Zhao further argued trash burning causes secondary pollution, referring to the oxysulfide and nitrogen oxide emitted during incineration. After chemical reactions in the atmosphere, these toxic gases become sulfuric acid or nitric acid aerosol, and return to the earth in the form of acid rain. Worse still, China has yet to develop technology to deal with this secondary pollution.

But not everyone opposes the idea of burning. Nie Yongfeng, a solid waste pollution control expert and professor at Tsinghua University, stands for the application of incineration.

Nie said current trash disposal methods, including landfill use and composting, cannot make waste completely harmless. Landfill takes up too much space and create a powerful stench in addition to the gas methane. Methane is 21 times as powerful in terms of its greenhouse gas effect as carbon dioxide, which is produced during trash burning. By turning to landfill, the land required for trash disposal will only grow larger, placing an unbearable burden on rapidly developing cities.

Zhou Hongchun, a researcher on social development of the Development Research Center of the State Council, said among the three trash disposal choices, composting was the least viable solution since urban trash doesn't contain much organic refuse. Landfill takes up space not readily available in developing urban centers. But incineration reduces the bulk of trash to one fifth its original size and one 15th its original weight and is the best way for China to handle its trash problems for the time being.

No need to worry

Beijing, one of the cities planning to substantially increase trash incineration, produces 6.72 million tons of garbage each year, roughly 18,400 tons per day. Over the last five years, the garbage has been growing at a rate of 8 percent annually. Currently, Beijing buries 90 percent of its trash, composts 8 percent and burns only 2 percent. The municipal government plans to increase incineration by up to about 40 percent in 10 years. In 2020, Beijing will burn 40 percent of its trash, compost 30 percent and bury 30 percent.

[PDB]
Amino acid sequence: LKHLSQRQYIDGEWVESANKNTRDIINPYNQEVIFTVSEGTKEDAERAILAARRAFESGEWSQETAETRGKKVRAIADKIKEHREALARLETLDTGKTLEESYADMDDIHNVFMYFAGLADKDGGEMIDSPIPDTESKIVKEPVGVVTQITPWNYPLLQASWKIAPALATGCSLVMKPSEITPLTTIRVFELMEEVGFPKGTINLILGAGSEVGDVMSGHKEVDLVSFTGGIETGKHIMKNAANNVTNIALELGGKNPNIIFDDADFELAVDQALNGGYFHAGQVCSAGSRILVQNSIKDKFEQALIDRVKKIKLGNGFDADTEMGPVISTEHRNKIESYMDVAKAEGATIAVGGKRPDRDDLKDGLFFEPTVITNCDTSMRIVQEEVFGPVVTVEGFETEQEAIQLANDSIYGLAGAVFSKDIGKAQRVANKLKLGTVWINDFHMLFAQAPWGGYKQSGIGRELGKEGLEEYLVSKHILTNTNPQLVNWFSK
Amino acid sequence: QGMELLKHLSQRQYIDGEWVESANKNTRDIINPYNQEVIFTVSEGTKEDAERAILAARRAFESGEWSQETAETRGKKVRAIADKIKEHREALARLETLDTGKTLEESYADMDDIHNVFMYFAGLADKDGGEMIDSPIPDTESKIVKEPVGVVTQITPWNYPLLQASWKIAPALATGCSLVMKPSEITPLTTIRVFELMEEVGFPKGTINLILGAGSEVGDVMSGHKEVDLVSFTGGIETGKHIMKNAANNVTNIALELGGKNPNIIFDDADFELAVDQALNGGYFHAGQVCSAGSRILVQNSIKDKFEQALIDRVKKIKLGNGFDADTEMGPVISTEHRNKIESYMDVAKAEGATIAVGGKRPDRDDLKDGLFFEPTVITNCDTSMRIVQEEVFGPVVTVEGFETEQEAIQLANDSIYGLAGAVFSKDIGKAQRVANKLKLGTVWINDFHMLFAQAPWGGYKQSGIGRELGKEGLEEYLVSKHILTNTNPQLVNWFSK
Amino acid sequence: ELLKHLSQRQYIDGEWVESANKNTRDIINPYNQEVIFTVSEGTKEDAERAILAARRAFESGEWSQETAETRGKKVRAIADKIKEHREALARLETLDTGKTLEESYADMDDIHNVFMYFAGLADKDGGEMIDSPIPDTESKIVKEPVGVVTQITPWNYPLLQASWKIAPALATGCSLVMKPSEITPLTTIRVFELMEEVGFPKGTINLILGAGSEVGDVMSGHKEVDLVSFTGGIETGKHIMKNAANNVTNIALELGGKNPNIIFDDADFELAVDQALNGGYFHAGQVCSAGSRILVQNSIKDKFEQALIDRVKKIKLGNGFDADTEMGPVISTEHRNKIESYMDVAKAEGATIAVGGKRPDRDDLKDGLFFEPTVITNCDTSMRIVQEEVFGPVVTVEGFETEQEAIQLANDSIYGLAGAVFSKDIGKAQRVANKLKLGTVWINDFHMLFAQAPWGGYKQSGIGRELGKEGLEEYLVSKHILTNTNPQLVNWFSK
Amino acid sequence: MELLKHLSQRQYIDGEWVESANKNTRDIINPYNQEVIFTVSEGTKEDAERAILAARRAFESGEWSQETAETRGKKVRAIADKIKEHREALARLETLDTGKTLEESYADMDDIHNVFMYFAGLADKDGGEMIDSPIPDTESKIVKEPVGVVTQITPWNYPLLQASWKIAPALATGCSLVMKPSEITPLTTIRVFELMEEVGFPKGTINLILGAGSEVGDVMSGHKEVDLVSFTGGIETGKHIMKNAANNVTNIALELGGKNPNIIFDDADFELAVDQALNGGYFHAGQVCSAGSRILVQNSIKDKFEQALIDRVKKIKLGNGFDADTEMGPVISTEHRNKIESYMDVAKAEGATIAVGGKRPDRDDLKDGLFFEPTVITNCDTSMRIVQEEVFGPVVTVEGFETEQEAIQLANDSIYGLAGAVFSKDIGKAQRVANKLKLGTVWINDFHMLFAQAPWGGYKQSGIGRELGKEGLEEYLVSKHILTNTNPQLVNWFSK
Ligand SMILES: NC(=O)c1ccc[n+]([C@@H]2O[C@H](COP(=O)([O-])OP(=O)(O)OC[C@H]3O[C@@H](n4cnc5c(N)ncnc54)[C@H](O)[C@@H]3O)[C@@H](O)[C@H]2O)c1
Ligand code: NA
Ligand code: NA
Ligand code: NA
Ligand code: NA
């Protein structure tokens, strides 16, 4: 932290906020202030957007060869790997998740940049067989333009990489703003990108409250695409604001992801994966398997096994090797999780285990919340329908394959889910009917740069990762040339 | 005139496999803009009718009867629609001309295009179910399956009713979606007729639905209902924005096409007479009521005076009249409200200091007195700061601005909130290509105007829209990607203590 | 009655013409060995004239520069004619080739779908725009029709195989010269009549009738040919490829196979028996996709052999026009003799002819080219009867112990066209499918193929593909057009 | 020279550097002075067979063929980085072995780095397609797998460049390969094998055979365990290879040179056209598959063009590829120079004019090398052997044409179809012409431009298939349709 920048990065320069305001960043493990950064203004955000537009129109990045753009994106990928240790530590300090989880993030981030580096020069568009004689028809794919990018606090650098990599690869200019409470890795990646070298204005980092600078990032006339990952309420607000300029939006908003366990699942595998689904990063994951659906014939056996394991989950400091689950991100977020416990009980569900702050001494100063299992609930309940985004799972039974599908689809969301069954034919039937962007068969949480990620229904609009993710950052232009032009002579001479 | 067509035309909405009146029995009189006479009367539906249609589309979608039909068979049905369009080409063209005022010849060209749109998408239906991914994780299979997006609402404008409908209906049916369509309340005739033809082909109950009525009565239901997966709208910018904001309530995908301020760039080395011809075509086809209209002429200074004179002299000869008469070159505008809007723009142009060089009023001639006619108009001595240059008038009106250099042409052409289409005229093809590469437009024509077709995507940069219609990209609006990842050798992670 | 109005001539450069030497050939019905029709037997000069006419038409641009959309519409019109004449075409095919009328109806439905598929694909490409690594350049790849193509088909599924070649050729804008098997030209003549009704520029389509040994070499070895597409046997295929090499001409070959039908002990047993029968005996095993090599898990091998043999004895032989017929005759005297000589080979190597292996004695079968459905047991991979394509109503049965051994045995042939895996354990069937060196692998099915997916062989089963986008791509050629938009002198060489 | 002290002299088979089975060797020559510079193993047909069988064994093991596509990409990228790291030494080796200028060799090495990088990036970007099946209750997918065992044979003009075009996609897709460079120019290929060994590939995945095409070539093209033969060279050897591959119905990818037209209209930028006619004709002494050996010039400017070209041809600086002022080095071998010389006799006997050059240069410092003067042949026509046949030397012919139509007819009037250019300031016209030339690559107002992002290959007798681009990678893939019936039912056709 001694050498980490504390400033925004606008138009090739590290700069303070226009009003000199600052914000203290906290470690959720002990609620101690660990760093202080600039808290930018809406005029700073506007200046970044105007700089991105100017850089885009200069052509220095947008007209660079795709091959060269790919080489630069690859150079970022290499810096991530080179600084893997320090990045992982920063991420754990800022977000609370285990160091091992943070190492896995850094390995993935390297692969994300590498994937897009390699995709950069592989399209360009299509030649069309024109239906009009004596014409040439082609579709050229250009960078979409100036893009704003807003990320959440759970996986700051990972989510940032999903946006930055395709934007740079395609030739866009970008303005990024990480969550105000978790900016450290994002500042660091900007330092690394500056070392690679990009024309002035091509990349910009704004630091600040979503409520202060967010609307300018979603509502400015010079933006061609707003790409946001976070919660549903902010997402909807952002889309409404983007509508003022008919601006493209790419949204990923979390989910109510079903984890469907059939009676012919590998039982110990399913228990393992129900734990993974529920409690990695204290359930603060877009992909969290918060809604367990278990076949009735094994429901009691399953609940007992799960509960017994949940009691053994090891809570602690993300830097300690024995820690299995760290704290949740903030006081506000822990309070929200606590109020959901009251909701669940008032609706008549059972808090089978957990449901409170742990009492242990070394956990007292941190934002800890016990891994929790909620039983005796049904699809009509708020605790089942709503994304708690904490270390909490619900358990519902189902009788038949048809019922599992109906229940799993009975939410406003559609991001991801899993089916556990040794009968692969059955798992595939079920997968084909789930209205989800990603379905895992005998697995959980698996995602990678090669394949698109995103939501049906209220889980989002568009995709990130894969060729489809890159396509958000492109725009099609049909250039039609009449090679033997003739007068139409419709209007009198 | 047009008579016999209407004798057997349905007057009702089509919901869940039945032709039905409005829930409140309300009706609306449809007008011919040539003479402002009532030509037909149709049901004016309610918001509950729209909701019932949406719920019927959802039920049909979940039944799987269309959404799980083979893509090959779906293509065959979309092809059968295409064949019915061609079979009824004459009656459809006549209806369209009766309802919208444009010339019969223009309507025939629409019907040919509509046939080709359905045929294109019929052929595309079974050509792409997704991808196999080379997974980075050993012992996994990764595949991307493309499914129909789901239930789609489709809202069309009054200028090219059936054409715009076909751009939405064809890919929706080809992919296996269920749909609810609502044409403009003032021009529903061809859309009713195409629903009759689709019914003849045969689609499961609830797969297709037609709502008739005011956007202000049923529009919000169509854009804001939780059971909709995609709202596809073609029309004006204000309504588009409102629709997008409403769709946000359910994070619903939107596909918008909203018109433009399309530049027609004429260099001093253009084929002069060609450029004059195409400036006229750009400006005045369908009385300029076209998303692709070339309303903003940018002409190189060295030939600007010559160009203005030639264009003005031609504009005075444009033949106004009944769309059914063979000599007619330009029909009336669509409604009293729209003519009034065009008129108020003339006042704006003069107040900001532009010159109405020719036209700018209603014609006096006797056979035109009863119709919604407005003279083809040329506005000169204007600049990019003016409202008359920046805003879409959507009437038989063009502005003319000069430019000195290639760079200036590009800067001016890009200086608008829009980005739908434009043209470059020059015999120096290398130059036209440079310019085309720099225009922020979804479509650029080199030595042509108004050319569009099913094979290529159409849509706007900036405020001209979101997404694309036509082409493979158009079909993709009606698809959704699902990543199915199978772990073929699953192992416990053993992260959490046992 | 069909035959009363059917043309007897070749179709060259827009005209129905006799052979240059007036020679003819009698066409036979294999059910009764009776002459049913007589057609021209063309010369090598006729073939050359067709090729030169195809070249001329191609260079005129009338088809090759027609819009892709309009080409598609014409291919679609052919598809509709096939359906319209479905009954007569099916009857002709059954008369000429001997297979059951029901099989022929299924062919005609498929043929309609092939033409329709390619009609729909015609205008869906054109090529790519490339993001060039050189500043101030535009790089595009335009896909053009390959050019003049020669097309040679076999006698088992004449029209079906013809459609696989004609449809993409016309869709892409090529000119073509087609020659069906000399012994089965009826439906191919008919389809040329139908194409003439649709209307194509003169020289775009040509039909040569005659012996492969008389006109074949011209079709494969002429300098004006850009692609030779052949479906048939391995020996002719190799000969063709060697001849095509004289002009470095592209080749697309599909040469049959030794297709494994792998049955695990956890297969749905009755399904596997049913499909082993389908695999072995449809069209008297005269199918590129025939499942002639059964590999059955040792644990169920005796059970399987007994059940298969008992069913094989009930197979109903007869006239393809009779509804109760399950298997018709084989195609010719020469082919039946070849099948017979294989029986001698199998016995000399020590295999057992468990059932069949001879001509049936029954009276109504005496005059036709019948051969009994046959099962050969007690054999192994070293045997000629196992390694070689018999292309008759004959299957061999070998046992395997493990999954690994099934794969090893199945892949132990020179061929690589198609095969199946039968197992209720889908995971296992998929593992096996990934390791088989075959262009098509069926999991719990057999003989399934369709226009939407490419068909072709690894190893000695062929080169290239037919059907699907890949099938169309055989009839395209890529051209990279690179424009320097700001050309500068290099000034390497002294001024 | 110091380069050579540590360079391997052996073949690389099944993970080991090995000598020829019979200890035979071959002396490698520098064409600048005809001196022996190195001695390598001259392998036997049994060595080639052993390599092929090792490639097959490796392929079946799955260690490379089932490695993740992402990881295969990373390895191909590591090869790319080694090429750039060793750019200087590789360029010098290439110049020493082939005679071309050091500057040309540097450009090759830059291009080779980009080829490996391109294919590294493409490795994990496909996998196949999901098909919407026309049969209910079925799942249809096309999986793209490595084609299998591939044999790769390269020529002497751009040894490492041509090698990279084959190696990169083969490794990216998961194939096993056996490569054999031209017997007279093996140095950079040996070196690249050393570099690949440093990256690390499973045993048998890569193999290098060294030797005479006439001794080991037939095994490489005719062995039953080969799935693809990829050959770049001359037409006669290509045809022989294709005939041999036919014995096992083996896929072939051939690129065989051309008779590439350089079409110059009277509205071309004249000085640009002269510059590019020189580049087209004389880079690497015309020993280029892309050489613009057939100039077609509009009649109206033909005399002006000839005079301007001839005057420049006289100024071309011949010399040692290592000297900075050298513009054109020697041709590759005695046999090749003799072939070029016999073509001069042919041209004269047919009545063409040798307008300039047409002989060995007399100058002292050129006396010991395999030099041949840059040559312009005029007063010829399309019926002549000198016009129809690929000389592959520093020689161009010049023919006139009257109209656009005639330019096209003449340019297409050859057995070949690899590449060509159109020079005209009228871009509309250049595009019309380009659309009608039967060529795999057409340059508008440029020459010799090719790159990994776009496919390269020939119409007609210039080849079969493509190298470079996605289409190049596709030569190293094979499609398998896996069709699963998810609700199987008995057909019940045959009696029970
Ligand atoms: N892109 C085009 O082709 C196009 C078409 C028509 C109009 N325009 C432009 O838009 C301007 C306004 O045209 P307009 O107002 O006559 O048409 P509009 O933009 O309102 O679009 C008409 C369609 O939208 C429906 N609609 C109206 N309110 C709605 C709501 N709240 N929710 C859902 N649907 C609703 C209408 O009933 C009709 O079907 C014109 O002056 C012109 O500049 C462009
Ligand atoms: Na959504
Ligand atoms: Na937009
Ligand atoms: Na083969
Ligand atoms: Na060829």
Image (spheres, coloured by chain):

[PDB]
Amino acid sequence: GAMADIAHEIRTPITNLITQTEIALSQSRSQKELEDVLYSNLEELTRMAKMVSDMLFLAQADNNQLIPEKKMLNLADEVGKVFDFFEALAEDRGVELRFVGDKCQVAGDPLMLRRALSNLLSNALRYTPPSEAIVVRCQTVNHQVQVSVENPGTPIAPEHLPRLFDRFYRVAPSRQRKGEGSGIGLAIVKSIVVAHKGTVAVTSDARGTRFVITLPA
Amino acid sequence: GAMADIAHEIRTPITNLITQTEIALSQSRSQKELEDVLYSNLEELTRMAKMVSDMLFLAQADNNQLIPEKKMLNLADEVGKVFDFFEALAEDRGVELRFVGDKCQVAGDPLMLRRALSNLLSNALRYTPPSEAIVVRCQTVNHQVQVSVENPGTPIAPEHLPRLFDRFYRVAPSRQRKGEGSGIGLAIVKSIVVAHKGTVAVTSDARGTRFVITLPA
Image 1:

In order to achieve the goal, Beijing intends to build five domestic trash incinerators by 2015, by which about 11,000 tons of trash will be burned each day.

As for worries about health- and environment-related damages caused by incineration, the MEP said concerns are unnecessary. According to the draft rule on garbage disposal, newly built domestic trash incinerators must install automatic monitoring systems to check for pollutants like smoke, carbon dioxide, carbon monoxide, sulfur dioxide and nitrogen oxide produced during incineration. The data must be made available to the public at all times. He said China will adopt European standards, and facilities unable to meet those standards will be suspended from operating.

As for dioxin, the biggest concern among citizens, the MEP officer said the technological barrier for controlling the toxic gas has been resolved. Information from the Beijing Environment Protection Bureau said in the future, Beijing's dioxin emission stemming from trash incineration will reach the EU standard, meaning the density of dioxin should be less than 0.1 ng TEQ/Nm3, which is considered a harmless level for humans.

The real challenge will be supervising the facilities, since China has yet to come up with a comprehensive burning operation regulation and supervision system. At present, to seek higher economic returns, incinerators choose to use outdated methods and materials, and prolong upgrading their pollution-reducing equipment, said Wang Weiping, assistant chief engineer of the Beijing Municipal City Management Committee. Once efficient regulation and supervision are introduced, Wang said, the European standard can be reached, since current trash incineration technology is more than adequate to reach that goal.